Buying criteria: You can use these factors to compare and evaluate Japanese saws
In the next step, we will give you specific buying criteria to help you find the perfect Japanese saw for you. These buying criteria include:
As already mentioned, it is advantageous to buy a high quality Japanese saw. There are a lot of counterfeits on the market. However, it is very difficult for the untrained eye to see the difference between a high-quality Japanese saw and the imitation version in a direct comparison.
Area of application
Before buying a saw, you should think about its field of application. As you can see in the table of the five different types of Japanese saws, a different model is suitable depending on the area of application. The area of application is very important, as it allows you to exclude some models of Japanese saw and thus find the right Japanese saw for you.
Each model of Japanese saw has a different type of toothing. Depending on the application, you will need different teeth.
Longitudinal cuts, for example, require different toothing than cross cuts.
In the following, we will introduce you to the three typical toothing types:
- Triangular toothing: The triangular toothing is a toothing of interlocked teeth. The shape of the individual teeth is comparable to a V. Triangular toothing is particularly suitable for longitudinal cuts. A disadvantage of this toothing is that the cutting quality is not quite as accurate as with other toothing types.
- Trapezoidal toothing: Trapezoidal toothing is characterised by an alternating bevel and three cutting fibres that run separately and form the shape of a trapezoid. The toothing is characterised by the fact that it is razor-sharp. It should also be noted that although this type of toothing can be used in tension and compression, it is worthwhile to load the saw only in tension. The trapezoidal toothing is very precise, so you can produce a perfect result without reworking. This type of toothing is particularly suitable for diagonal cuts and cross cuts, as the cut quality is very precise.
- Universal toothing: The universal toothing is a combination of the triangular toothing and the trapezoidal toothing. Universal toothing is therefore suitable for longitudinal, cross and diagonal cuts.
Which toothing is ultimately suitable for you depends entirely on the cuts you want to make and the area in which you want to use the Japanese saw.
The handle is usually a traditional wooden handle that is very long and light. This makes it possible to make cuts without exerting too much force. The handles of cheaper models are made of plastic. When buying, it is important to make sure that the handle is breathable to minimise sweaty hands and thus the risk of injury.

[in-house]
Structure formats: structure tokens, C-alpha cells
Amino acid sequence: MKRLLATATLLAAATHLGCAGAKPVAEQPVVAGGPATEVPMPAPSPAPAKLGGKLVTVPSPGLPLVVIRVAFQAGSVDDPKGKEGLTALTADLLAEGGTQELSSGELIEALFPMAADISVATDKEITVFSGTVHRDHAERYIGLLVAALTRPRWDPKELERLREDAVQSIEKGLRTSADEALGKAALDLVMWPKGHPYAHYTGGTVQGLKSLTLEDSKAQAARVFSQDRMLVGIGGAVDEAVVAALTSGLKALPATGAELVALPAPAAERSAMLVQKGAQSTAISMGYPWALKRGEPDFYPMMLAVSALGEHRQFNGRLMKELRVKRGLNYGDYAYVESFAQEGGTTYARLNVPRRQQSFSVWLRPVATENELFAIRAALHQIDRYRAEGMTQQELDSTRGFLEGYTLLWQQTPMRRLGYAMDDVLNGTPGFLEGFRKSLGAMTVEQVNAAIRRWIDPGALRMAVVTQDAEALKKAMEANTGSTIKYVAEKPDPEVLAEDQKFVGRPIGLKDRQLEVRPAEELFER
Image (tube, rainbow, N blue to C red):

Facts worth knowing about the Japanese saw
In the next section we will give you some more useful aspects about the Japanese saw.
How to change the saw blade on a Japanese saw ?
As we already mentioned in the section "How does a Japanese saw work?", you can change the saw blades of a (modern) Japanese saw quickly and easily. To do this, you have to separate the handle and the saw blade. The easiest way is to hold the saw blade carefully and tap the handle on a piece of wood.
The pressure of the handle on the piece of wood will loosen the handle from the anchoring of the screw. In the next step, you can simply hook the new saw blade into the hook and tap it firmly on the piece of wood again. This pressure pushes the saw blade into the right place so that it sits firmly again.
Which accessories are recommended for Japanese saws?
- Sets: Some suppliers offer Japanese saws as sets, so you can buy different tool options already in a bundle.
- Wrap: For safe transport, we recommend a wrap. You can wrap the Japanese saw in the wrap and easily take it with you everywhere.
- Cuttingdrawer: Another useful accessory is a cutting drawer, which is also available in different versions.
How do you properly care for a Japanese saw?
If you take good care of your Japanese saw, you will be able to use it forever. It is very important that you take care that there are no nails or stones in the workpiece or that you do not accidentally cut through them with your saw.
If you do not use your Japanese saw for a long time, rust may form. To prevent this rust, you should oil your Japanese saw regularly. However, it is important that you do not leave an oil trail when using your Japanese saw. This is because the oil will leave stains on your workpiece.
Image source: Aenin/ 123rf.com